The Hulu doc gives a deeper look into Billy’s past.

The Hulu doc gives a deeper look into Billy’s past.

It seems Billy McFarland was a born hustler, and "Fyre Fest" does a great job in showing that. It goes all the way back to his wheeling and dealing when he was in grade school. It also goes into greater depth about his previous ventures before Fyre, including his wannabe Black Card, Magnises, which was touted as a membership club for young professionals in which they would be invited to lavish parties and hard-to-get-into events.

Both docs have a lot of the same footage of what happened during Fyre Fest.

Both docs have a lot of the same footage of what happened during Fyre Fest.

Thanks to social media, you don't have to search far to find footage of an event. And Fyre Festival was no different. If you watch both movies you'll see a lot of the same footage captured by attendees (yes, and both feature the social post of the infamous cheese sandwiches attendees were given). And numerous people who attended are interviewed in both movies.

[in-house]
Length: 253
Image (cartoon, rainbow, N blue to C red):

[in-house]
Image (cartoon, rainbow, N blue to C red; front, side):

Hulu does a better job at explaining the dishonest business dealings Billy did his whole career, not just related to Fyre.

Hulu does a better job at explaining the dishonest business dealings Billy did his whole career, not just related to Fyre.

There's a lot of financial dishonesty to go around when it comes to Billy McFarland's past. Both movies hone in on multiple instances of fraud, but "Fyre Fraud" does a better job of showing that what happened at Fyre Festival didn't come out of nowhere.

Netflix gives more specifics on the chaos of preparing the fest.

Netflix gives more specifics on the chaos of preparing the fest.

One of the things "Fyre Fraud" does the least is give details of what it was like preparing for the festival in the Bahamas. "Fyre," on the other hand, does spend a good amount of time laying out the insane work schedule that went into trying to build the festival from scratch. This makes it all the more painful at the end of the movie when numerous Bahamians talk on camera about never being paid for the work they put in.